Friday, June 13, 2014

Is it ethical (or even legal) to use Ad Blocking software?

   I began using a product called Adblock Plus (ABP) a while back when I had finally had enough of the obnoxious ways many websites choose to display their ads. One of the worst offenders is the local newspaper (see screen capture below). I got tired of having the page jump/scroll up and down (as ads opened and closed) or cars driving across the page while I'm in the middle of reading an article.
   Then there was the problem with Yahoo's ads delivering malware to its visitors. I decided to fight back and installed ABP. Now online life is so much more pleasant. However, as someone who receives ad revenue I find myself being somewhat hypocritical. I like the idea of not being bombarded by advertising, yet I don't want anyone blocking the ads on my Youtube videos, or on this blog page for that matter.
   So that got me to thinking... By my use of ABP am I being unethical? Am I breaking some kind of law? Since I'm blocking ads, therefore denying the website revenue, could that be considered "theft of services" or something? Or, is it a type of self-protection, or maybe even civil disobedience? I don't mind ads in general, but let's face it, some websites have gotten carried away with it. It has gotten to the point where instead of it being "content with some advertising" it has become "advertising with some content". I no longer click on any "article" that touts things like "Top Ten things to do in Austin" because I have learned that I am going to be bombarded with ads as I read "item #1" and then be forced to click a link (and wait for a whole new page to load) just so I can be bombarded with more ads as I try to read "item #2". I rarely make it to item #3.
   Although, not all advertising is obnoxious and obtrusive and ABP recognizes that and allows some forms of advertising through their "firewall". Their website even states:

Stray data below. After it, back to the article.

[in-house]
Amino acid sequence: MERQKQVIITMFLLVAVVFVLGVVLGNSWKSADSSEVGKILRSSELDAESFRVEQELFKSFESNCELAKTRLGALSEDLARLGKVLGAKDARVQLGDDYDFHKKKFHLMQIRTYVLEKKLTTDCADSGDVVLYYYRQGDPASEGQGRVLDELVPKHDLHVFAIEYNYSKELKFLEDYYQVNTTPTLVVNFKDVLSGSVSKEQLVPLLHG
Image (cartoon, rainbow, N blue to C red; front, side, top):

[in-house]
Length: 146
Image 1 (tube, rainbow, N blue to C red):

"Adblock Plus exists to save its users from annoying ads. However, we don't think that all ads are bad, and we are fully aware that website owners need them to survive. Therefore, we have established strict criteria to identify Acceptable Ads: unobtrusive ones that don't need to be blocked."
   While they make a good case for justifying their product - they convinced me - it could just as easily be said "if you don't like the ads, then don't visit the pages." And that is true - to some extent. However, there are caveats, and instead of reinventing the wheel, I will just point you in the direction of the FCC and regulations it has imposed on radio and television advertising. For example, the 2010 "CALM" Act passed by Congress combats those overly loud TV commercials which sent everyone scrambling for the remote. I'm not a big fan of government regulation, but sometimes it is a necessary evil.
   In the meantime, I think I will keep using Adblock Plus (and another little plugin called "Ghostery") to keep my web browsing a little more under my own control and to avoid crap like this: